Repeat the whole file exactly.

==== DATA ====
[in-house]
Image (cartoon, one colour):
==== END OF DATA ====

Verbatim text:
[in-house]
Image (cartoon, one colour):